By Kirsten Nelson On April 05, 2011
Stealth Acoustics Comes to a Boardroom Near You
COMPANY NAME: Stealth Acoustics
HEADQUARTERS: Mount Vernon, WA
HIGHLY VISIBLE: Stealth was founded by
Paul Hagman and Steve Olszewski (pictured)
of Dimensional Communications, an integrator
with 37 years of history in the commercial AV
Very often in this industry, product innovation arises from the
integration channel—whether it’s through custom products that
eventually make it into manufacturers’ catalogs, or enterprising
integrators who themselves go into hardware production. The latter
case is how 37-year AV veterans Paul Hagman and Steve Olszewski at
Dimensional Communications (DCI) in Mount
Vernon, WA launched Stealth Acoustics in
DCI’s experience as a systems integrator
fuels the product development and customer
service at Stealth. “We’re systems integrators
to the core, and we think that way—the way we treat our customers, the
way we handle inventory is based on how we’d like to be treated as an
integrator,” Olszewski emphasized.
Proof of its success in business lies in how Stealth prospered during
the recent economic downturn, its international business increasing so
rapidly that it now represents 41 percent of total revenues. The growth
brought about the construction of a new 20,000-square-foot production
and warehouse addition, doubling DCI and Stealth’s shared headquarters.
At its roots, Stealth was borne out of Hagman’s conviction that
he could improve upon invisible loudspeakers. Today, 10 generations
of product later, Stealth is working hard to create a great-sounding
speaker that happens to be invisible, rather than the other way around.
The company’s products were initially sold primarily into the
residential market and are still holding their own there, with growing
market share, but the latest generation of technology is well suited to
the commercial AV space, Olszewski said. “We’re at a point with our
speakers now where you could install them in a commercial venue and
be more than satisfied.”
By example, at the Stealth and DCI headquarters, the training
room boasts a 7.1-channel surround system comprised of Stealth’s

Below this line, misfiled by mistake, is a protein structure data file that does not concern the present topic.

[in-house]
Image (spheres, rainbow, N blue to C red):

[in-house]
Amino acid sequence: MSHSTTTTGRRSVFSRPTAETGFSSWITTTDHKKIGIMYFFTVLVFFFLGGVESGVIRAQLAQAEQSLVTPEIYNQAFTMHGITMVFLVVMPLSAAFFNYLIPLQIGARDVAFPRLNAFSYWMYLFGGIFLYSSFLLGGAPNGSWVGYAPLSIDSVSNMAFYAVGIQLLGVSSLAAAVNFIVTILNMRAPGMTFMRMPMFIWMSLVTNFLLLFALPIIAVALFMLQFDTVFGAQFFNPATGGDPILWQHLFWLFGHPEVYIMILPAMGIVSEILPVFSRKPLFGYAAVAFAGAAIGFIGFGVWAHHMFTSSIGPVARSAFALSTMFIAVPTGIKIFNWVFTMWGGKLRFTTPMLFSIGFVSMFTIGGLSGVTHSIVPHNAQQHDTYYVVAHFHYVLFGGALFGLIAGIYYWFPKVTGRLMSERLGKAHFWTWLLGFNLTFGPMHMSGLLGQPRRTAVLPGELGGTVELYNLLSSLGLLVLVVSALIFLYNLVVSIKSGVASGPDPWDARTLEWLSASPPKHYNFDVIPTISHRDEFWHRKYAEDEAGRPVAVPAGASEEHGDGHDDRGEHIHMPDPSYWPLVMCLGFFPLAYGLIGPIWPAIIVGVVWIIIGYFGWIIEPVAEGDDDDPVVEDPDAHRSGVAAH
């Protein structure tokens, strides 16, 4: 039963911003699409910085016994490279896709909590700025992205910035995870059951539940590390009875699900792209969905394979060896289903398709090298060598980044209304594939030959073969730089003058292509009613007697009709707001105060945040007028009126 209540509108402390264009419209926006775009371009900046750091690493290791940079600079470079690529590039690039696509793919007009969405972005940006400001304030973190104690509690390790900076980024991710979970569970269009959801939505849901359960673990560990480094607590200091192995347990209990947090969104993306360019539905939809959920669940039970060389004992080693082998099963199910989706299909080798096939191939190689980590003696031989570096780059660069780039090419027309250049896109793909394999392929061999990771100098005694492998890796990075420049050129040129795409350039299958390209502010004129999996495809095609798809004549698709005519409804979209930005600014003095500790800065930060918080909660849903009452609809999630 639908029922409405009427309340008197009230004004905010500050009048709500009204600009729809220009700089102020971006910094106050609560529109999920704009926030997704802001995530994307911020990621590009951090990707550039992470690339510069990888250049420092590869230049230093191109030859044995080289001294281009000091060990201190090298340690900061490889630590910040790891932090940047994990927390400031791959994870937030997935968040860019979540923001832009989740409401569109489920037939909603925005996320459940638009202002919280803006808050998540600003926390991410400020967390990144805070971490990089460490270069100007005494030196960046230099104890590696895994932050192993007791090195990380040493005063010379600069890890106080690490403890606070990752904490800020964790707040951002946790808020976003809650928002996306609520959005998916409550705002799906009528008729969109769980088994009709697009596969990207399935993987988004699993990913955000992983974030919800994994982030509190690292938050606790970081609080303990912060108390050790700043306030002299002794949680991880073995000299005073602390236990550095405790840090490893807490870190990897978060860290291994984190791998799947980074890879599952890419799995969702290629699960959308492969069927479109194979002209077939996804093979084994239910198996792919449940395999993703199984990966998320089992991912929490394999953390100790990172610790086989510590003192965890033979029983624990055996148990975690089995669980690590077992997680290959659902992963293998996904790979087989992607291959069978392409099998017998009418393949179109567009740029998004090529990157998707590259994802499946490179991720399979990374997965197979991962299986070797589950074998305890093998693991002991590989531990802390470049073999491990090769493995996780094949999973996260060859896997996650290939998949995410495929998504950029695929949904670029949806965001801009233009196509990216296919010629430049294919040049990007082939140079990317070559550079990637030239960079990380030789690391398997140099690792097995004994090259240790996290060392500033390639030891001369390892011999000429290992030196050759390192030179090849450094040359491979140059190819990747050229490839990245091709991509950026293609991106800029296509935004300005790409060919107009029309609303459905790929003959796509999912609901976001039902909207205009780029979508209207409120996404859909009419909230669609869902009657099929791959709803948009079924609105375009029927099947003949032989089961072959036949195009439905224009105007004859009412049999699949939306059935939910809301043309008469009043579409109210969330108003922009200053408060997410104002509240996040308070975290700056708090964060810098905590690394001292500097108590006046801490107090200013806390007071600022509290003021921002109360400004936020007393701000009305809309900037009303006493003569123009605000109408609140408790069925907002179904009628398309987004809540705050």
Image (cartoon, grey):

invisible speakers. The center channel is hidden in a wall painted with
a projection screen surface. Rear sub panels are made with a wood
veneer panel to blend into millwork. A new conference room currently
under construction also will include a rear-projection setup with a
5.1-channel Stealth surround system.
The move from in-wall to freestanding speakers was not taken lightly, but the audiophile engineering team at Stealth
was so impressed with the LR-4 in the R&D phase that they decided to pull back the curtains and put the Monolith
front and center on the stage.
Lately, Stealth has been expanding into electronics, with a subwoofer
amplifier filter, and the brand-new model 8400 multi-channel amplifier
with DSP optimization that “you see all the time in the pro world, but
you don’t see it in the consumer world all that much and you certainly
don’t see it in the invisible speaker space,” Olszewski said.
This year, Stealth is making another leap in the invisible speakers
space, and it will also prove that its audio technology
can stand on its own, literally. The new LineaResponse
LR -4 invisible speaker system is a three-way, fullrange
system of two panels, a mid-high panel and a
low-range panel. It was made available early this year,
along with a freestanding model called the Monolith.
The move from in-wall to freestanding speakers was
not taken lightly, but the audiophile engineering team
at Stealth was so impressed with the LR -4 in the R&D
phase that they decided to pull back the curtains and
put the Monolith front and center on the stage.
These new models and all Stealth products will
be submitted for third-party electro-acoustical
measurement this year, Olszewski pointed out,
adding, “Proving the legitimacy of invisible speakers is
our number-one goal.”
Kirsten Nelson is editor of SCN.